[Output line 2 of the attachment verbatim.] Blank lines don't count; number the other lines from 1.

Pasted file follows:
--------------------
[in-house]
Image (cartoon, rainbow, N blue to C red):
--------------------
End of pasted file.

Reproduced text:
Image (cartoon, rainbow, N blue to C red):